DAKOTA DUNES, South Dakota — A year ago, Beef Products Inc. had four state-of-the art plants, more than 1,300 employees and was expanding aggressively.
The meat company was the leading maker of “lean finely textured beef,” a low-fat product made from chunks of beef, including trimmings, and exposed to tiny bursts of ammonium hydroxide to kill E. coli and other dangerous contaminants. Few Americans realized the product was a mainstay of fast-food burgers, school lunch tacos and homemade meatloaf.
Today, the South Dakota company’s revenues have plummeted from more than $650 million to about $130 million a year, and three of its plants are shuttered. Company officials blame the abrupt falloff on a series of ABC News broadcasts that began last March — stories that repeatedly called its product “pink slime.”
BPI hired a high-powered Chicago trial lawyer and in September slapped the network, star anchor Diane Sawyer and other defendants with a 27-count lawsuit that seeks at least $1.2 billion in damages — about one-fifth of the fiscal 2012 net income of American Broadcasting Co parent Walt Disney Co . Now, the case, which many observers initially wrote off as a public relations ploy by a desperate company, is shaping up as one of the most high-stakes defamation court battles in U.S. history.
The court fight could put modern television journalism on trial and highlight the power of language in the Internet Age: In the wake of the reports on “World News with Diane Sawyer,” the term “pink slime” went viral.
The case also underscores an intensifying war between the farm sector and its critics over how food is made. In Europe, for instance, an uproar has erupted over the inclusion of horsemeat in a variety of products. Although the media furor over “lean finely textured beef” has waned in the U.S., the economic ripple effect is still being felt by the nation’s meat-packers and ground beef manufacturers, which are wrestling with a dwindling cattle supply and rising meat prices — and are now slowly reintroducing products similar to LFTB into the marketplace.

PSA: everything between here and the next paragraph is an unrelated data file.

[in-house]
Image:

Libel cases are extremely difficult to win in the U.S. because of strong press protections, and ABC has compelling legal arguments. However interviews with BPI’s founders, agriculture industry officials and legal experts, as well as a review of federal documents and court records, suggest that ABC’s reports had certain flaws that could resonate with a jury: ABC’s lead reporter on the story mischaracterized BPI’s product on Twitter; the network failed to clearly describe on-air how the company’s beef wound up in the nation’s food supply; and ABC did not reveal in an interview with a former BPI employee that he had lost a wrongful termination lawsuit against the company.
ABC denies the allegations in the lawsuit and is seeking to have it thrown out. The network and its lawyers at Washington D.C. law firm Williams & Connolly declined to comment on the case. In court papers, the network argues that the lawsuit is a bid by BPI to chill media coverage of the food industry.
The case also could shine an unflattering light on BPI. Many consumers find the notion of processed beef unsavory, and the lawsuit could open the door to the company having to reveal closely guarded information about its processes that could be used in other litigation.
BPI founders Eldon and Regina Roth say they plan to pursue their fight against ABC even if it takes years and tens of millions of dollars in legal fees.
“We have to do this,” Eldon Roth told Reuters. “We have no other choice.”
The lawsuit, originally filed in South Dakota state court, is hinged partly on a state product-disparagement statute designed to protect farming interests. Twelve other states have similar laws — dubbed “veggie libel” measures by critics — but they have rarely been invoked.
Under the South Dakota version of the law, plaintiffs must show that defendants publicly spread information they knew to be false and stated or implied “that an agricultural food product is not safe for consumption by the public.”